Sunday, 7 August 2011

Death and the Penguin - quietly brilliant

Death and the Penguin by Andrey Kurkov (2001: The Harvill Press) Set in a Ukraine that’s in the process of rebuilding itself, this book follows a struggling writer as he unwittingly finds himself embroiled in the world of organised crime, shadowed all the while by an unlikely sidekick – his pet penguin Misha.
A Ukranian book. About a writer. His depressed penguin. And the Mafia.
Well, that sounds a bit different doesn’t it? It was enough to make me want to pick this book up. It’s been a year or two since I read this, but it’s kind of stuck with me. I haven’t read anything like it since. I even tried another book by the same author, but it didn’t quite hit the same notes as this one.
Its major plus is the way in which it lets you discover it. From the first page, you’re given a sense that you’re uncovering something brilliant. And it doesn’t shout at you, it doesn’t jump up and down waving its arms in the air saying “hey, I’m a great little book, feel free to marvel at my brilliance.” Kurkov’s style is so incredibly understated that it has a very honest quality. It’s written in such an uncomplicated way that it ends up almost whispering the story to you, and you’re left feeling like you’ve been let into a pretty special secret.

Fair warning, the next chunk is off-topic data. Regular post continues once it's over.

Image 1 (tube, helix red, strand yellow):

And it’s funny. It really is. You’re not left doubled up in hysterics, but the surreal storyline and the dead-pan delivery ends up being funny in a really warm way. The story and its characters just stand there on the pages, looking at you expressionless, puzzled by the bizarre circumstances they’re surrounded by, and you can’t help but find their simplicity both endearing and funny at the same time.
Downsides? Well, for all the positive qualities of the stripped down writing style, it also comes with the inevitable negative of feeling a little thin sometimes. You never feel like you’re really biting into anything with much weight. And for all its comic qualities, you do end up feeling in places that it gets a little too convoluted. Only once or twice though, and it’s not enough to detract from the overall entertainment of this book.
The penguin is the star of course, and the book ends up taking on the qualities of the animal. Inherently funny, very simple and honest, quirky, heart warming - but held back a little by its unavoidable silliness.
Definitely worth a read. Very different and very enjoyable.
Next week, another change of pace (because I know you get bored easily). GBR will move from post-modern Ukranian chic to a classic English saga.
Try to behave until next Sunday.

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